Remember playing dress-up with your dad?
You don’t? Oh, that’s because dads used to have DIGNITY. They were hidden behind newspapers and pipe smoke, too inaccessible to be roped into playing princesses or cops and firemen. Dignity: That’s what being a grown-up used to be about. Not to be confused with standoffishness, lack of emotional connection, or needless pride.
Things are different now: You have a pink boa around your neck, a crown on your head, and purple lipstick on your lips. You are a pretty, pretty princess. You’re a New Dad, not afraid to mix it up, let loose, and have a little fun. Great. So dignity is not in the cards, but how do you make it through dress-up without feeling like a big idiot?
Your daughter has ingested enough princess stories to know that princes save princesses. What kind of message is that? You want to raise a strong girl. But making princesses save the prince? A little too on the nose. That’s why I like to play the creepy dungeon dweller who turns out to be a sweetheart. Or a second princess who got lost on the way to her castle. Make the story weird! “Excuse me, other princess, I’m looking for the castle with the cupcake shop in the catacombs!”
And what better time to teach your son about city government? Maybe your fireman is ineffective because he’s worried about his pension payments. Or maybe you’re a cop on the take. “It’ll cost you eight hundred claims to get me to arrest that ineffective fireman. Yeah, yeah, we’re all worried about the social safety net.”
Being a parent sometimes just means doing what your kid wants. In improv, we call this “Yes-Anding.” You go further by building on your partner’s ideas. He wants a fireman to hang out with his policeman? Sure, go for it. Put on your best Boston accent, go gung ho, and start barking out fireman orders. “Theahs a fiah in the Hahvahd Coop. It’s spreading down Comm Ave to Kenmoah Squayah!”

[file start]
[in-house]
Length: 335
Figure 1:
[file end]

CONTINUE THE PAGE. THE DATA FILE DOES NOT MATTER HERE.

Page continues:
Tired? Not in the mood to be an active participant today? Any dress-up situation can be subverted to include a trapped (lazy) parent. Princes got locked in towers, train engineers get locked in control rooms, monsters need to sit on couches for a bit. Be hard to rescue—so hard that you get to chill out for a while. “Troll need a little time on Twitter.”
Did you always want to be beautiful or graceful or talented? Maybe you always wanted to be a dancer—now’s your chance! Your kid has very little critical judgment and is easily impressed by commitment. Belt out your song, dance with abandon, throw off the shackles and play, you wonderful fool! Your kid will never be as blinded by love for you as he is now. “What an honor to win the first Oscar for Most Incredible Dancing in the Olympics!”
Reprinted from Man vs. Child: One Dad’s Guide to the Weirdness of Parenting, published by Abrams Books and available on Amazon and wherever books are sold.
Doug Moe is a longtime teacher and resident performer based at the legendary Upright Citizens Brigade Theatre, and has appeared in such television shows as Inside Amy Schumer and 30 Rock. He is the creator of the blog manvschild.com. He lives in Brooklyn, New York, with his wife and daughter.